Ellen Mulderij, who is originally from the province of Friesland, emigrated to Sweden in 2007. “In the Netherlands, everyone is always in a hurry. When I went back there recently, I kept thinking: ‘Do you ever take the time to live a little?’,” she explains when we met at her home in Hjulsjö, a Swedish village that is largely depopulated. Her Dutch husband, Rudy, works in forestry, while her three children attend a local school. The magnificent wooded region where she has decided to raise her family is extraordinarily quiet. Most of the natives have left to seek work elsewhere.

Approximately 8,300 Dutch emigrants – and that is not counting those who are on a temporary stay – live in Sweden. And this figure is increasing from year to year: over the last decade, a thousand of them have settled in their new Scandinavian homeland.

“The number of Dutch moving to Sweden rose steeply in the wake of 9/11,” points out Rob Floris, of the Kalmar job centre. “And the problems that surrounded Pim Fortuyn [a populist politician who was assinated in 2002] also played a role. Then there was Theo van Gogh [the televison presenter and film maker assassinated in 2004], and now Geert Wilders [another Islamaphobic populist politician]. Every time Wilders makes the headlines, I get requests from Dutch people who want to emigrate.”

Floris, who works for the European job mobility portal EURES, believes that many of the Dutch immigrants are attracted by Sweden’s reputation for political stability, which has continued to prevail in spite of the 2003 assassination of government minister Anna Lindh. “I tell them, they’ll have to get rid of their rosetinted glasses,” says Floris. That said, Sweden, which is 11 times the larger than the Netherlands, has a population of barely 9.2 million [as opposed to 16 million in the Netherlands] of which three million live in Stockholm and the surrounding region. “There is hardly any stress. Outside of Stockholm, traffic jams are virtually unknown, the crime rate is lower than it is in the Netherlands, and people respect each other,” says Floris.

The Dutch are mainly attracted by tranquility, space and nature. In interviews with Dutch immigrants in Sweden, virtually everyone mentions these three criteria. Sweden also has the advantage of being a lot cheaper than the Netherlands: “For 100,000 euros, you can have a detached house with a hectare of land,” points out Floris. Monthly charges, household and car insurance and fuel costs are all lower. And there is no need for health insurance, Swedish taxpayers are all automatically insured by the state.

Even more importantly, as the Secretary-General of the Organisation for Economic Cooperation and Development (OECD) recently pointed, “the Swedish economy is strong like Pippi Longstocking.” The country has escaped the effects of the financial crisis and there are hundreds of vacant jobs in sectors like information technology, communications, and health care.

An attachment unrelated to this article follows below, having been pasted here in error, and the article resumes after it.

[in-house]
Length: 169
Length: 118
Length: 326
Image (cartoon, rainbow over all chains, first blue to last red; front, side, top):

“The Dutch come to live with their families, they learn the language quickly, they have an excellent work ethic, and they are also talented in business. It is as if they have the mentality of the Dutch East India Company in their genes,” remarks Floris.

Ellen Mulderij is one example of this enterprising spirit. With her organic grocery, which also doubles as a café, she has brought a bit of life back to the village of Hjulsjö, which has seen its population decline to just 50 people. However, Mulderij’s house remains in need of urgent renovation. “Nothing works, it was really in a terrible state.” However, she is rising to the challenge. “Getting by is not easy,” says Mulderij, who received an EU grant to set up her shop, and also benefits from subsidies for her sheep rearing business.

Most of the Dutch choose to live in the counties of Värmland and Dalarna [in southern Sweden], magnificent hilly and wooded regions that they usually discover in the course of holiday visits. “However, there aren’t that many jobs in rural Sweden,” warns Floris. “A lot of people want to open guesthouses, but the proceeds from a business that only runs for eight weeks of the year are not enough to live on.”

According to Rob Floris, would-be immigrants should carefully weigh up their options. “Before taking the plunge, they should visit Sweden during other seasons and not just in summer. There is no guarantee that they will still like the country when they find out that nightfall is at 3pm in winter, and that they may have to shovel a metre of snow in the dark. If that seems unbearable, then Sweden is not for them.”